Ground reaction forces
For simplicity I have assumed that the vertical component of ground reaction force (vGRF) varies sinusoidally while the runner is on stance, as shown in figure 1. This is a moderately good approximation to real data for a forefoot runner, and is convenient from the computational point of view. vGRF rises rapidly from zero after footfall, reaches a peak at mid-stance and then falls away to zero as the runner approaches take-off. I do not think the main conclusions I will draw will be appreciably influenced by the exact shape of the time course of vGRF, though at the price a little more computation, I could solve the equations using real data for vGRF.
One crucial feature regarding vGRF is that the value of vGRF averaged over the entire gait cycle must equal the downward force of gravity (mg, where m is mass) since gravity acts constantly throughout the gait cycle. Otherwise, there would be a net vertical impulse that would either cause the runner to continue to float upwards after the completion of the gait cycle if average vGRF exceeded mg, or alternatively to be pulled to the ground if average vGRF was less than mg. One inevitable consequence is that when time on stance is short compared with the total period of the gait cycle, peak vGRF must be high (as is illustrated by the ochre dashed curve in figure 1) compared with the situation where time on stance is a large faction of the total duration of the gait cycle (as illustrated by the dashed blue line in figure 1).
Once vGRF is known, the horizontal GRF (hGRF) can readily be computed assuming the total GRF acts along the line from point of support to the COG (as shown in equation 5 on the calculations page). The hGRF associated with a sinusoidal time course of vGRF is depicted by the solid ochre and blue lines in figure 1. In early stance, vGRF is negative, indicating that it exerts a braking effect on the runner. Early in the stance phase magnitude of hGRF increases as vGRF increases, but because hGRF is only appreciable when the line joining point of support to COG is oblique, the magnitude of hGRF begins to decrease despite the continued rise in vGRF as the runner approaches mid-stance. By mid-stance, the COG is directly above the point of support, total GRF is vertical and hGRF is zero. After mid-stance, the line from COG to point of support is directed obliquely backwards, so hGRF is now directed forwards and has an accelerating effect on the runner that reveres the braking effect in early stance phase. One feature of interest is that when the runner spends a long time on stance, the peak magnitude of hGRF is almost the same as when the runner spends only a short time on stance, despite the much greater peak vGRF when stance is short. The reason is that when time on stance is short, the line from COG to point of support is never far from vertical so hGRF does not rise as high is it would if this line was more obliquely inclined. The fact that the magnitude of peak hGRF is similar for both short and long times on stance means that the braking effect is actually much greater when time on stance is longer, because the braking force acts for a longer time.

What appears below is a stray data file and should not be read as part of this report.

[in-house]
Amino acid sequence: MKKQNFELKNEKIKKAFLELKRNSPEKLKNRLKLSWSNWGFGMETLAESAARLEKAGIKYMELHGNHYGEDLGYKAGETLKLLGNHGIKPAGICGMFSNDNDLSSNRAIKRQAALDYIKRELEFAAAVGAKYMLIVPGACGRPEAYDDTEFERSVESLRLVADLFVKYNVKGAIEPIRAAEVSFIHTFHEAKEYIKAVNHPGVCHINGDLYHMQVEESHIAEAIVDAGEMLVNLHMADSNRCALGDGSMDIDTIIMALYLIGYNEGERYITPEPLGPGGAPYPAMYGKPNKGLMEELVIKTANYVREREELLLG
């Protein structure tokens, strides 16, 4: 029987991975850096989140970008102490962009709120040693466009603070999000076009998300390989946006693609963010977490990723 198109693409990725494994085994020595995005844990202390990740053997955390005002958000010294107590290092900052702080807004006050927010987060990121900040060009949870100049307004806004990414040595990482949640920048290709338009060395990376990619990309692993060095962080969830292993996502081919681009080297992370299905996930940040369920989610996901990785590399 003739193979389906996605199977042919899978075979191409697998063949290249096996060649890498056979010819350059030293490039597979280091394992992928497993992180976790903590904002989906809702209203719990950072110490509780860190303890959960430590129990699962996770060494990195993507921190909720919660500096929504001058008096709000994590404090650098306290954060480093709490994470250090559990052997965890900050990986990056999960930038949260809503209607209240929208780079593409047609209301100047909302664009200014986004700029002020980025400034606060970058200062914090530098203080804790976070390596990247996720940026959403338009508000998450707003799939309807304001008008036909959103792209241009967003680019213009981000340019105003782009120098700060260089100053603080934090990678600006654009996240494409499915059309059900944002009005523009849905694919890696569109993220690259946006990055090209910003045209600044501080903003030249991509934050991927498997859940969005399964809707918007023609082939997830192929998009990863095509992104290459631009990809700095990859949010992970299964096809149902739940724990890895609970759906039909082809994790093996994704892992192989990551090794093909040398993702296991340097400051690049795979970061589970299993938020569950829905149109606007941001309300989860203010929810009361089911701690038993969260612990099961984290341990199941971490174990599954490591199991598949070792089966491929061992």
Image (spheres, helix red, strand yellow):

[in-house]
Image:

Vertical and horizontal components of velocity
Figure 2 depicts the time course of the velocity of the body in both vertical and horizontal direction throughout the gait cycle, based on the solution of equations 1 and 2 shown on the calculation page.